If you are a tenant in a building that is sold to a new landlord, however; property taxes get adjusted to a new baseline and this higher cost is passed through to all tenants in the form of expense reimbursements. Assume your landlord bought the property twenty years ago and has only had a 2% increase ever year since. The property taxes are low but the property’s value may have quadrupled in that time. When you started to rent, your property tax expense reimbursement was quite small. It’s a proportional share of the landlord’s total tax bill based on how much of the total property you actually occupy. When the property sells for four times what the original landlord paid for it, this resets the assessed value and the new owner’s property taxes, and therefore your proportional share, will increase significantly.
A broker can help negotiate “Prop 13 protection” for you as a tenant. This protection allows you to set your property tax amount so that you only have to reimburse the landlord at a certain base level, usually the price when you first leased the space. This way no matter how many times the property is sold or how much people paid for it, you will never pay more than the negotiated baseline, plus the 2% increase every year, for the term of your original lease. If the property is sold, the new owner absorbs the expense of those new property taxes. Thus, new tenants that sign after the property sells will probably pay more in property taxes whereas you will be locked in at the contract rate.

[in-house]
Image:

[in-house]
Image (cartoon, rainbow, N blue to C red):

Q: Can you explain about reimbursement of operating expenses?